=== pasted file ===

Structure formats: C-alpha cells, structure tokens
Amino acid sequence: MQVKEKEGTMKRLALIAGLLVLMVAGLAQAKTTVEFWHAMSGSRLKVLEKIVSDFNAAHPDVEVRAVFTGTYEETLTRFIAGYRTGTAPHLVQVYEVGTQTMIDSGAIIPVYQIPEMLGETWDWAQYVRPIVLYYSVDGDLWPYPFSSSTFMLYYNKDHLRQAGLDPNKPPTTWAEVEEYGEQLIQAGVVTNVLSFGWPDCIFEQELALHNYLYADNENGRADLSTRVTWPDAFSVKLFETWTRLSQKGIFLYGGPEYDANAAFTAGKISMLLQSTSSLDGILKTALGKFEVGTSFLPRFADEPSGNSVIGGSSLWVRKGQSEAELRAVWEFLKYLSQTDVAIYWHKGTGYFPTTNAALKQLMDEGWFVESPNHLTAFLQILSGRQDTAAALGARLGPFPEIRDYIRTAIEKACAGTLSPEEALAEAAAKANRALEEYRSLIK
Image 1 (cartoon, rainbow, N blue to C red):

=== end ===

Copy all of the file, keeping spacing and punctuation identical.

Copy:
Structure formats: C-alpha cells, structure tokens
Amino acid sequence: MQVKEKEGTMKRLALIAGLLVLMVAGLAQAKTTVEFWHAMSGSRLKVLEKIVSDFNAAHPDVEVRAVFTGTYEETLTRFIAGYRTGTAPHLVQVYEVGTQTMIDSGAIIPVYQIPEMLGETWDWAQYVRPIVLYYSVDGDLWPYPFSSSTFMLYYNKDHLRQAGLDPNKPPTTWAEVEEYGEQLIQAGVVTNVLSFGWPDCIFEQELALHNYLYADNENGRADLSTRVTWPDAFSVKLFETWTRLSQKGIFLYGGPEYDANAAFTAGKISMLLQSTSSLDGILKTALGKFEVGTSFLPRFADEPSGNSVIGGSSLWVRKGQSEAELRAVWEFLKYLSQTDVAIYWHKGTGYFPTTNAALKQLMDEGWFVESPNHLTAFLQILSGRQDTAAALGARLGPFPEIRDYIRTAIEKACAGTLSPEEALAEAAAKANRALEEYRSLIK
Image 1 (cartoon, rainbow, N blue to C red):